Use this URL to cite or link to this record in EThOS: https://ethos.bl.uk/OrderDetails.do?uin=uk.bl.ethos.770887
Title: Neutron inelastic scattering studies of effective spin-1/2 magnets
Author: Sarte, Paul Maximo
ISNI:       0000 0004 7655 0412
Awarding Body: University of Edinburgh
Current Institution: University of Edinburgh
Date of Award: 2019
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Abstract:
Owing to a combination of both their intrinsic "simplicity" and enhanced quantum nature, effective spin-1/2 systems have been subject of intense research for the past three decades. Fuelled by their role in quantum computing and communication as qubits, research of many-body doubly degenerate systems has experienced a type of renaissance with one particular noteworthy family being the effective spin-1/2 magnets. From the inception of solid state physics, these magnets have and continue to play a pivotal role in the establishment of a theoretical framework describing not only cooperative magnetism but cooperative phenomena in general and have yielded exotic and often novel magnetism. Within this Thesis, the low energy magnetic properties of systems constructed from effective spin-1/2 magnetic cations are investigated with neutron inelastic spectroscopy. The first portion of the Thesis consists of an investigation on the low energy spin fluctuations of Pr2Sn2O7. Consisting of rare earth cations placed onto a geometrically frustrated network of corner sharing tetrahedra, these pyrochlores have yielded a multitude of exotic magnetic ground states including spin ice. These spin ices have been of particular interest due to the suggestion that their fundamental excitations behave as monopole-like quasiparticles. Although there is mounting experimental evidence supporting the existence of monopoles in the classical spin ice, the exact nature of the interaction between such monopoles remains unsolved. In an attempt to measure such interactions, our attention has shifted to the quantum spin ice candidate Pr2Sn2O7 and its increased monopole density. Neutron inelastic spectroscopic measurements revealed the presence of a hierarchy of unequally-spaced magnetic excitations. These excitations are well-described by a simple model of monopole pairs bound by a linear potential with an effective tension of 0.642(8) K Å-1 at 1.65 K. The second portion of this Thesis consists of an investigation on the low energy spin fluctuations of the classical Mott insulator CoO. Despite its unique historic role in the development of the theory underlying both magnetism and neutron scattering, a full understanding of CoO magnetism has remained elusive. A combination of quantum entanglement of the spin-orbit manifolds of the 4T1 ground state multiplet due to a large molecular field and a strong magnetorestrictive monoclinic distortion has led to the extraction of magnetic parameters utilising conventional approaches exceptionally difficult. As an alternative to the conventional pseudo-bosonic method, an approach based on chemical dilution was employed. With sufficient amounts of dilution, both the molecular field and monoclinic distortion are removed from consideration, greatly simplifying the low energy magnetism. The chemical dilution approach used to describe the low energy magnetism of CoO is divided into three chapters. The first chapter consists of an investigation on the zero field structural and dynamic properties of the mixed valence ternary oxide α-CoV3O8. The antiferromagnetic mixed valence ternary oxide α-CoV3O8 displays disorder on the Co2+ site that is inherent to the Ibam space group, thus giving rise to an intrinsically disordered magnet without the need for any external influences such as chemical dopants or porous media. The zero field structural and dynamic properties of α-CoV3O8 have been investigated using a combination of neutron and x-ray diffraction, DC susceptibility, and neutron spectroscopy. The low temperature magnetic and structural properties are consistent with a random macroscopic distribution of Co2+ over the 16k metal sites. However, by applying the sum rules of neutron scattering we observe the collective magnetic excitations are parametrised with an ordered Co2+ arrangement and critical scattering consistent with a three dimensional Ising universality class. The low energy spectrum is well-described by Co2+ cations coupled via a three dimensional network composed of competing ferromagnetic and stronger antiferromagnetic superexchange within the ab plane and along c, respectively. While the extrapolated Weiss temperature is near zero, the 3D dimensionality results in long range antiferromagnetic order at TN ~ 19 K. A crystal field analysis finds two bands of excitations separated in energy at ~ 5 meV and 25 meV, consistent with a jeff=1/2 ground state with little mixing between spin-orbit split Kramers doublets. A comparison of α-CoV3O8 to the random 3D Ising magnets and other compounds where spin-orbit coupling is present indicates that the presence of an orbital degree of freedom, in combination with strong crystal field effects and well-separated jeff manifolds may play a key role in making the dynamics largely insensitive to disorder. Consisting of a random distribution of Co2+ and V4+ on the 16k site, α-CoV3O8 may be regarded as being magnetically diluted by 50\%. With such dilution, it is located in the λ >> J regime where entanglement is negligible. With the absence of a strong molecular field, the study on α-α-CoV3O8 introduces analysis techniques for addressing Co2+ magnetism that will prove important in the two final chapters addressing CoO. The second chapter consists of an investigation on the magnetic interactions of orbitally degenerate Co2+ placed on a non-magnetic host MgO rocksalt lattice where no long range spin or orbital order exists. The paramagnetic nature of the substituted monoxide Co0.03Mg0.97O places the system deep within the λ >> J regime, allowing for the disentanglement of spin-orbit and spin-exchange interactions. By considering the prevalent excitations from Co2+ spin pairs, seven exchange constants J out to the fourth coordination shell are extracted. An antiferromagnetic next nearest neighbour 180o exchange interaction is dominant, however dual ferromagnetic and antiferromagnetic interactions are observed for pairings with other pathways. These interactions can be understood in terms of a combination of $t_{2g}$ orbital degeneracy and the Goodenough-Kanamori rules. The final chapter consists of a reinvestigation of the low energy spin fluctuations of pure CoO. Employing the exchange constants previously extracted from Co0.03Mg0.97O, a random phase-type approximation (RPA) in the method of Green's functions was utilised to model S(Q,E). By approximating CoO as consisting of two [111] cubic magnetic sublattices with all possible orbital orderings present in a molecular field HMF, the multi-level spin wave model successfully accounts for the temporally sharp spin-orbit transitions consistent with orbital ordering observed at (Q,E) located near the magnetic zone centre. However, the model fails to account for higher energy transfers, where well-defined spin waves are replaced by energy and momentum broadened excitations, characterised by steeply dispersive columns of scattering. The concurrent failure of the model and breakdown of spin-orbit excitations observed at higher energy transfers are discussed in terms of coupling to a higher energy process, possibly corresponding to either itinerant or higher energy crystal field excitations.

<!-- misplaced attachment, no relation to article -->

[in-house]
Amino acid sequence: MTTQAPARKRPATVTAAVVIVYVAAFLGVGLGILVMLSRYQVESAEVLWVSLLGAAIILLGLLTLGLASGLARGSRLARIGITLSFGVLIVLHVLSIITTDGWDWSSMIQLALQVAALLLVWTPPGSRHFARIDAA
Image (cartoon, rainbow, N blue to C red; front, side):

Supervisor: Attfield, John ; Parsons, Simon Sponsor: Not available
Qualification Name: Thesis (Ph.D.) Qualification Level: Doctoral
EThOS ID: uk.bl.ethos.770887  DOI: Not available
Keywords: effective spin- 1/2 magnets ; neutron inelastic spectroscopy ; Pr2Sn2O7 ; pyrochlores ; monopoles ; energy spin fluctuations ; Mott insulator CoO ; CoO magnetism ; high energy crystal field excitations